... It's a tremendous issue in the world of telmatology as more people deny climate change, more developers buy up and decimate wetlands for waterfront residential development, and wetlands continue to disappear. Want to know more about wetlands, you're in the right place!
Disclaimer: all scientific information in this article was published directly in, or referenced within the current issue (fifth edition) of Wetlands by Mitsch and Gossenlink.
What is a wetland? That’s a difficult question to answer. Wetlands, by their very nature, are nearly impossible to define. Because of this, managing and researching wetlands effectively and efficiently has proved incredibly difficult ever since we started attempting this feat (around the late 1960’s).
What is it that makes a wetland so difficult to delineate, I mean, isn’t it all in the name… It’s land, that’s wet? Well kind of, but it’s a lot more than that. Wetlands are important transitional zones, which are also referred to as ecotones. Wetlands branch the gap between high productivity, carbon source terrestrial landscapes and low productivity, carbon sink aquatic landscapes. They are important storm surge buffers, water quality improvers, pollution filters, animal nurseries, carbon and nitrogen fixers or transformers, erosion preventers, so very much more. Additionally, wetlands vary dramatically in size, shape, geomorphology, hydrology, and salinity, etc. This makes coming up with one standard, all encompassing definition very hard.
So now you may be asking, why is it even important that we have one definition to cover all wetland types? Why can’t we just give coastal salt marshes, peat bogs, riparian wetlands, prairie potholes, and pocosins entirely different definitions and leave it at that? Well, we sort of already do, and describing wetland categories is important in its own right, but there is one thing that simply begs for a single definition: the law. Policy/law makers want a clear picture of what a wetland is, what it does, and why it’s important before they can really support legislation that is working to protect them. Many policy makers are not scientists, wetland managers, or even developers; they may have little to no scientific background, so it’s important that we create a definition that will convey wetlands accurately and briefly. Many have tried but we have yet to really strike gold. Currently, the accepted research definition was written by the US Dept. of Wildlife and Fisheries, and the accepted management/policy definition is the US Army Corp of Engineers and/or the Ramsar definitions.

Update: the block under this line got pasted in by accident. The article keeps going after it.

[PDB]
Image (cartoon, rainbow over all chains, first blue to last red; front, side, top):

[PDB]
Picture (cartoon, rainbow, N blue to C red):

Wetland management is a tricky field, mostly because we have lost a tremendous amount of them and have attempted to replace them by building ponds. It may not surprise basically ANYONE that a one acre pond is not an effective replacement for a vast, ancient coastal salt marsh, but that is what mitigators often opt to create. Some US states such as Ohio and California, and some countries such as New Zealand have estimated a total loss of 90% of their original wetlands. That, to me, seems like an epidemic. Wetland management is difficult and costly, but the alternative (total removal) is much worse and will inevitably lead to massive, unprecedented flood events, economic collapse, species die off, and water quality issues.
So, on that topic, what’s the most important consideration in wetland management, reconstruction, and research? Studies suggest that the answers to most questions we have about these important ecosystems lies in their hydrology and hydrologic signature. Armed with information about a wetland’s hydroperiod, we can make inferences about its ability to support biota, its climate (including micro- and pedoclimates), its effectiveness in terms of the services we rely on, and more.
Wetland research is important and is a field that is rapidly increasing in popularity since the 1970’s, which is fantastic. Despite the doom and gloom outlook many “loss charts” show, we as a society are interested in learning about our wetlands and people are starting to get involved, which is a beautiful thing! Supporting research is very important, as is making research accessible and understandable to the public; it is definitely a two way street in that regard. I have lived on wetlands my entire life, I grew up on a pond which led to a brackish bay, then I moved to Louisiana where I live close to the Mississippi River Delta, then I moved to Oregon where I lived at the intersection of a freshwater river and the Pacific Ocean, and then back to Louisiana. Wetlands are important to me both nostalgically and functionally, which is why I’m trying to spread the word about the wonderful world of wetland ecology (or telmatology, if you prefer)! To learn more, email me and I will send you PDFs of excellent scientific papers on these topics!